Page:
ANZ Stadium, March 10
There are bands and (mostly male) artists who have built careers out of being a representative "Everyman": one of us, just a bit better paid and housed. There's a couple of generations of Australian frontmen who would never have dared being anything else.
Adele Laurie Blue Adkins, from fruity language and a deep love of the fags pre-motherhood, to an attachment to the kind of stuck-on eyelashes you would need a crane lift operator to help her blink, has never had to fake her everywoman credentials.
Even if she did use her surname professionally she would be known to all as just Adele, the one you would share a bottle of chardy with as you two belted out Set Fire To The Rain at the RSL karaoke.
The one who would write a note, include a photo, and leave it behind a seat in the topmost nosebleed seat. Or halt the start of the show's fireworks-laden climax because she was worried about a patron who had taken a bad turn.
And a stadium full of (mostly, but certainly not exclusively, female) everywomen know it, respond to it, and do a Mexican wave to it.
There's something about that voice or its owner that can have her demolish a small hill with her power in One And Only or gallop over the remnants of that hill in Rumour Has It and yet not make us feel inadequate.
Weaker voiced, not as funny and not as well dressed as her, yes, but not inadequate. How does she do that?
Is it because the songs have never tried for fancy, clever or "new"? That's part of it, for certainly the most recent songs, such as the quasi-Rihanna Send My Love (To Your New Lover) have been expertly crafted but feel rather familiar, unlike the edge of youthful dreaming that is still heard in the Dusty-esque Chasing Pavements.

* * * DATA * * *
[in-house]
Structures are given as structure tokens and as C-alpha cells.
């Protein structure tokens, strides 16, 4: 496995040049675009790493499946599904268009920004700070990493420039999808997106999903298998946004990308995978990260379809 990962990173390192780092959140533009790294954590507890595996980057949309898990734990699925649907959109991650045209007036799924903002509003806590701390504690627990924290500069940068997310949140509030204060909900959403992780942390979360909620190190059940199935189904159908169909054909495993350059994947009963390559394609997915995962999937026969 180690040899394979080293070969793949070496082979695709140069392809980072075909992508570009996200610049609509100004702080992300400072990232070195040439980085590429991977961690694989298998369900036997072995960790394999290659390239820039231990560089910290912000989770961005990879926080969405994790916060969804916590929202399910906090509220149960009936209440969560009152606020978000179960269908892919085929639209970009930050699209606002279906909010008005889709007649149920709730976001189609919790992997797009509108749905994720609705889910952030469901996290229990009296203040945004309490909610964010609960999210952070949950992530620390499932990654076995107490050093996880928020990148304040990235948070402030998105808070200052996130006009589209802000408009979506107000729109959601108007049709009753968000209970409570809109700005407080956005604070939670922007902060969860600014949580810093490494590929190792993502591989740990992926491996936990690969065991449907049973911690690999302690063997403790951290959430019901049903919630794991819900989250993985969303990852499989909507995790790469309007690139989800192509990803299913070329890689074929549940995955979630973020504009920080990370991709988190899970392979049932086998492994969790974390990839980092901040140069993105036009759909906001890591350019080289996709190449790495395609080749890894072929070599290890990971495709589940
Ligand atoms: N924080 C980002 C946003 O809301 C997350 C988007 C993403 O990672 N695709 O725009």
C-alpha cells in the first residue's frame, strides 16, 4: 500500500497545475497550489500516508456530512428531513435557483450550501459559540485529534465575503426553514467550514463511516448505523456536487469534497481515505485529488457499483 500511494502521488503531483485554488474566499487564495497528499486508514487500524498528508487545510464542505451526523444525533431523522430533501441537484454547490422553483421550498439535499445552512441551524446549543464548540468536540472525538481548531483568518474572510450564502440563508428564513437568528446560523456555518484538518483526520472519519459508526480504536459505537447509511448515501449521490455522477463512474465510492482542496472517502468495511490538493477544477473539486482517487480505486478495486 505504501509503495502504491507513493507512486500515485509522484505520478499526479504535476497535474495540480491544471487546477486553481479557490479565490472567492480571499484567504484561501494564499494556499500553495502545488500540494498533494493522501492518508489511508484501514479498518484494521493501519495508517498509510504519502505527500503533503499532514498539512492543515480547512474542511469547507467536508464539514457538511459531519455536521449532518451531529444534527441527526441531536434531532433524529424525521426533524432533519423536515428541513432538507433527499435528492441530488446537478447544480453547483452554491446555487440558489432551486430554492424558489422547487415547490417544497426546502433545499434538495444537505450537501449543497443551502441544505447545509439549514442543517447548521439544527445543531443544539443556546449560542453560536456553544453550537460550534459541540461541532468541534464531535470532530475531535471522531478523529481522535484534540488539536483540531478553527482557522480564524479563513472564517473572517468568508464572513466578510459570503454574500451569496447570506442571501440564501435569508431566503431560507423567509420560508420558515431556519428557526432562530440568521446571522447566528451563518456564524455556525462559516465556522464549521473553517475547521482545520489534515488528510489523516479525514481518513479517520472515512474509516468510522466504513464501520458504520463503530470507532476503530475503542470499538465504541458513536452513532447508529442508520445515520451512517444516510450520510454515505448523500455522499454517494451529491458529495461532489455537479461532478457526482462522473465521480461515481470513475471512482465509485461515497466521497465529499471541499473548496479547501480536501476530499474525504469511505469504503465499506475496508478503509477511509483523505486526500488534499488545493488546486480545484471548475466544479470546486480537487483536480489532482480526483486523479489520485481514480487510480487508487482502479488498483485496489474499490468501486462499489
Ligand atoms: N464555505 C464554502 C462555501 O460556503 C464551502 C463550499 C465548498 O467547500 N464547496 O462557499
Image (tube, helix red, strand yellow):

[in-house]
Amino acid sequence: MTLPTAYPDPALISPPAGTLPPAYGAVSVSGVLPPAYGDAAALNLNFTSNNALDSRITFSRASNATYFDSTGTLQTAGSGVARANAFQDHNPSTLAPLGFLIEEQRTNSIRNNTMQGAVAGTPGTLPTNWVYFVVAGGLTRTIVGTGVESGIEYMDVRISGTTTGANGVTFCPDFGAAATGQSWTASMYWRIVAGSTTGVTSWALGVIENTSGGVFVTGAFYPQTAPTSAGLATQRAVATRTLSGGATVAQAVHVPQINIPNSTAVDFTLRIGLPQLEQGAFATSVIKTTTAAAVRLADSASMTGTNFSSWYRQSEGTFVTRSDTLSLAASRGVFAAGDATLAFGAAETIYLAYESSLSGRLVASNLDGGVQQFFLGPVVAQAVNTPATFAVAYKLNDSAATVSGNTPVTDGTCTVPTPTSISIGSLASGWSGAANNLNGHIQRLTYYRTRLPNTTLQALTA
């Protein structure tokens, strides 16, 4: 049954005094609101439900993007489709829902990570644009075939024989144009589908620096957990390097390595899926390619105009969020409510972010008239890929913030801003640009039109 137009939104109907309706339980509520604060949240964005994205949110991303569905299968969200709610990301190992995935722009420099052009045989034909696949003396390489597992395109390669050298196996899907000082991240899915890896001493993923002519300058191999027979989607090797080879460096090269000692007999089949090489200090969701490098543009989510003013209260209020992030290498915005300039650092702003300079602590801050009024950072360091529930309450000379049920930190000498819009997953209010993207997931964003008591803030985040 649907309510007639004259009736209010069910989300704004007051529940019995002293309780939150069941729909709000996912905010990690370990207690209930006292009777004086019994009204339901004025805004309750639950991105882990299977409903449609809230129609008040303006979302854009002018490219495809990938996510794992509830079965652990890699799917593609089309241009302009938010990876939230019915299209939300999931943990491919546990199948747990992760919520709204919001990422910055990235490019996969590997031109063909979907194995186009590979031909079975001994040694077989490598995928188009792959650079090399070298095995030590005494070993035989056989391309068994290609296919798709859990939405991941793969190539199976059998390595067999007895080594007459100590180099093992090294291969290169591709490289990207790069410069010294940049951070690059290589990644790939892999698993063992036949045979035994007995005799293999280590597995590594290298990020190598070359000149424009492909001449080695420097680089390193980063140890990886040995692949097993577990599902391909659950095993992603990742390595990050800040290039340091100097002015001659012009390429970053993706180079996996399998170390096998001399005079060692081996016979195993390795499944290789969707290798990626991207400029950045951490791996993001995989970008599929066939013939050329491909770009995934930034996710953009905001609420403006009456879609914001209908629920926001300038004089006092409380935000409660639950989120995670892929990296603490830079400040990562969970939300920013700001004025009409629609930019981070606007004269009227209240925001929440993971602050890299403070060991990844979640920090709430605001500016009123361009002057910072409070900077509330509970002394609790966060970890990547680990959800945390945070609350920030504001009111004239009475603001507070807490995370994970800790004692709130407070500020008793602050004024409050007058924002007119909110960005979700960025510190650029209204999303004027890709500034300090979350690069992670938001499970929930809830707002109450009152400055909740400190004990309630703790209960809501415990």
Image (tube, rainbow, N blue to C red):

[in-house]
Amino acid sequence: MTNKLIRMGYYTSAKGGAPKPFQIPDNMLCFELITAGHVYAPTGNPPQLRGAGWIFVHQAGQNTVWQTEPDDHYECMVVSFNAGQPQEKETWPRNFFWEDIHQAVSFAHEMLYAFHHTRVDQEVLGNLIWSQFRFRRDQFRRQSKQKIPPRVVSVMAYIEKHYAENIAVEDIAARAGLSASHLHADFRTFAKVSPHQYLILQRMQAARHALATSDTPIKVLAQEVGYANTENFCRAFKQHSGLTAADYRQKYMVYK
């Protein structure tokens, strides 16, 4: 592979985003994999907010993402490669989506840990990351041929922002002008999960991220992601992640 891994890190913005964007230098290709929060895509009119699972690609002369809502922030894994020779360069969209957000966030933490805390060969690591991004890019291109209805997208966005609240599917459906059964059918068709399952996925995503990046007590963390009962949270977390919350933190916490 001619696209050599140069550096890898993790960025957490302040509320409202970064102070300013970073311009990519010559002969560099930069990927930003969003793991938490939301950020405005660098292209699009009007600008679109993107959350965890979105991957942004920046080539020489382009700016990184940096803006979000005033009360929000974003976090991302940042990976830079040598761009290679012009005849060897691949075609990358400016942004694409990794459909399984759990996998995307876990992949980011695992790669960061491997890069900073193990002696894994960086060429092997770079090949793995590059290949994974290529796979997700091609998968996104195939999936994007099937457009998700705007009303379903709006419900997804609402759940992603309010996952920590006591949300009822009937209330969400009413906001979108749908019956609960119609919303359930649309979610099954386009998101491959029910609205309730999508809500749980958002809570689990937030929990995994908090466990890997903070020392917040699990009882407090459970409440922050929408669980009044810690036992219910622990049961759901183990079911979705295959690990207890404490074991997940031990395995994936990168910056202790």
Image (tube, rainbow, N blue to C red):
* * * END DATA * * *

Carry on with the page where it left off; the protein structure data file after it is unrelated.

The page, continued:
Whether that's a good or bad thing is the question you answered when running to or running away from this show.
Is it because after a long, rambling and funny tale of discovering country music and Alison Krauss she told us that the next song, Don't You Remember, had a key change near the end "and sometimes I burp"? Yeah, that's part of it too.
Or is it because whether covering, - with surprising delicacy still in this, her stadium pomp that seemed unimaginable on that first album - Bob Dylan's To Feel My Love, or pumping up the Mariah Carey big boom in Sweetest Devotion, Adele still sounds like a human not a The Voice-inspired pop machine?
Yeah it's that too. That especially.
When a quite massive show - of construction, technology and staging - that really should have been done from a conventional face-everyone-all-the-time stage, still feels human-scale, and you could almost say living room-scale, something is being done right somewhere.
And whatever other quibbles there may be, such as When We Were Young being preposterous, Take It All is a mighty song.
Every man or woman would agree.